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Inaction

  • The most ominous of fallacies — the belief that things can be kept static by inaction.

  • ... it is always easier to do nothing than to try a new line of action.

  • What you don't do can be a destructive force.

  • ... the touchstone of a free act — from the decision to get out of bed in the morning or take a walk in the afternoon to the highest resolutions by which we bind ourselves for the future — is always that we know that we could also have left undone what we actually did.

  • Some women wait for themselves / around the next corner / and call the empty spot peace ...

  • ... stoicism and silence does not serve us nor our communities, only the forces of things as they are.

  • Perhaps ... it is impossible for a person who does no good not to do harm.

  • The bitterest tears shed over graves are for words left unsaid and deeds left undone.

  • The evil of the world is made possible by nothing but the sanction you give it.

  • The spread of evil is the symptom of a vacuum. Whenever evil wins, it is only by default: by the moral failure of those who evade the fact that there can be no compromise on basic principles.

  • No, one couldn't make a revolution, one couldn't even start a riot, with sheep that asked only for better browsing.

  • ... our high resolves / Look down upon our slumbering acts.

    • L.E. Landon,
    • "A History of the Lyre," The Venetian Bracelet ()
  • But my belief is growing that our political and social evils are remediable, if only all of us who want a change for the better just get up and work for it, all the time, with as much knowledge and intelligence as we can muster for it. Half the wrongs of human life exist because of the inertia of people who simply will not use their energies in fighting for what they believe in. And finally the wrongs roll up into world catastrophes and millions of deaths and a terrible set-back for all mankind ...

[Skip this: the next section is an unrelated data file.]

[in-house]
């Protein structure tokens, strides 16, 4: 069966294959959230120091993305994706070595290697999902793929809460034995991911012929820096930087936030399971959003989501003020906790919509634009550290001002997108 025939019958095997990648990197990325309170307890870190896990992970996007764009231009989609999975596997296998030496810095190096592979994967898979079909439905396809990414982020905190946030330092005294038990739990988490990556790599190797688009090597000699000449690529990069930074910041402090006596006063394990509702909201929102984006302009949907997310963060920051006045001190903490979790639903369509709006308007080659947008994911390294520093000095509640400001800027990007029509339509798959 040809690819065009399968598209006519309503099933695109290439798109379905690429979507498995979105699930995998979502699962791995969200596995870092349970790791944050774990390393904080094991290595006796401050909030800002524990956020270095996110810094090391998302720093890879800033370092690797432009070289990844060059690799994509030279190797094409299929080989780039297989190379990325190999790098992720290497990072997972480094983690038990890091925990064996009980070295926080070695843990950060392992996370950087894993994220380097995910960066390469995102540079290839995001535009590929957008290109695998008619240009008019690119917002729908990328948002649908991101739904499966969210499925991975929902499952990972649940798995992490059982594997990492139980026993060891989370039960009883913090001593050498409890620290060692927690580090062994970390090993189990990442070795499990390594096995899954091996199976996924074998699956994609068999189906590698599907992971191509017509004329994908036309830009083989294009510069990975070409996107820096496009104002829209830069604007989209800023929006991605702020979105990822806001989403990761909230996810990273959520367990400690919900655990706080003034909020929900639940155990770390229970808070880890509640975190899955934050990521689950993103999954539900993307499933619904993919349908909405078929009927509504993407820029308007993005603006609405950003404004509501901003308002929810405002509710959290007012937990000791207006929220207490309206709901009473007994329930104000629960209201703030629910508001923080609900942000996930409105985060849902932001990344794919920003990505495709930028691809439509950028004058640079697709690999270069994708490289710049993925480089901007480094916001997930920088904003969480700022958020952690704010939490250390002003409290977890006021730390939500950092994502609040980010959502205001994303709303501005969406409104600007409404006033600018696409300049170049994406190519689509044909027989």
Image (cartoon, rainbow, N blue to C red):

• There is nothing I fear so much as idleness, the want of occupation, inactivity, the lethargy of the faculties; when the body is idle, the spirit suffers painfully.

    • Charlotte Brontë,
    • to M. Héger (1844), in Muriel Spark, ed., The Letters of The Brontës: A Selection ()
  • Activity may lead to evil; but inactivity cannot be led to good.

    • Hannah More,
    • "On the Religious Employment of Time," Strictures on the Modern System of Female Education ()
  • You can't remain inactive in the face of injustice without, to some extent, being guilty of it.

  • It won't do you a bit of good to know everything if you don't do anything with it.

  • The thinkers stood aside / To let the nation act.

  • If you do nothing unexpected, nothing unexpected happens.

  • We know that if you plan too long / nothing happens and things get worse and that / most everything is found in the action / and instinctively we get that the scariest thing / isn't dying, but not trying at all.

  • If there be sorrow / let it be for things undone ... / undreamed, unrealized, unattained / to these add one: / Love withheld ... / ... restrained.